I had never made a turkey. Every year I have spent Thanksgiving with loved ones, and I will bring dessert, or an appetizer or two, and help with the dishes, but I always stayed far, far away from the turkey. Damn things scared the hell out of me. I would even get the free turkey from the supermarket after I’d accumulated enough bonus points, and I’d donate it to charity. Turkey breasts? Sure, I can cook those. Turkey loaf? You betcha, but not a whole turkey. Can we say intimidated?
Which brings me to Rosh Hashanah. There are many traditional Jewish foods that are made for the New Year and other Jewish holidays. Here’s something most Jewish people won’t admit (and rest assured, I’ll be catching crap from my allergic parents after this post, but I’ll deal with it). Most traditional Jewish foods are…well…icky. Gefilte fish? It’s a last resort over Passover when you simply cannot stomach another piece of matzo. Carp? Herring? Brisket? UGH. I’m not a big fan of noodle kugel (but I’m in the minority on that) – it does not help that I can’t really eat it, which admittedly clouds my judgement. Stewed prunes (tzimmes)? Enough said. There ARE some traditional Jewish foods that are to-die-for good. Matzo ball soup and challah are fantastic. Knishes, when done properly, are yummy, and I love me some lox and bagels.
NAH and I have worked very hard to introduce both of our religions and cultures to each family. With that in mind, I host Rosh Hashanah now, as my allergic mom has gracefully passed on the crown (and still lovingly makes the best matzo ball soup on the planet). My non-allergic inlaws and brother-in-law attend Rosh Hashanah dinner with us. How could I possibly inflict brisket upon them? My mother makes fantastic brisket. It melts in your mouth. I just DO. NOT. LIKE. BRISKET. So Rosh Hashanah was somewhat of a challenge. 1 – I wanted to make something everyone would eat, and 2 – I wanted to make something that was allergy-free.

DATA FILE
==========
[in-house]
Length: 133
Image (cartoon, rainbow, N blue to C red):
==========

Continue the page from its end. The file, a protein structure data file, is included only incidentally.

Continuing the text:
Enter the turkey. Everyone eats turkey. It’s a big, festive, celebratory bird, so I decreed it perfect for the Jewish New Year. We still had the apples and honey. We had matzo ball soup and challah. We even had apple cake on the table for dessert.
And boy, did we have turkey. I spent an entire day not only basting and seasoning, but frantically calling both moms (and as my mom-in-law was not in synagogue, she caught the brunt of the questions – non-allergic mom, if you’re reading this, THANK YOU!).
Here’s what I’ve learned: Turkeys have two cavities. You have to pull out bags of icky and disgusting things from both. A 22-lb turkey (because, really, why do anything small?) does not take into account the weight of the roasting pan, 5 lbs. of potatoes, 10 portions of stuffing, or the liquid in said pan. You need serious upper body strength to pull the damn thing in and out of the oven. A turkey should be covered for the better part of the cooking. It takes DAYS to properly defrost. I've also learned that it's better to attempt a meal like this with family, because if it had failed, they'd have had to love me anyway, and we'd have had a good laugh (and then ordered pizza).
The end result? While it was heavy, completely gross to touch, clean, and stuff, it was, however, damn good to eat. I was really proud of what I accomplished (and quite full). We had a lovely Rosh Hashanah dinner with quite a few traditional foods, and I believe I’ve started a new tradition of my own. Oh – and food nerd that I am, that’s a picture of my very first turkey.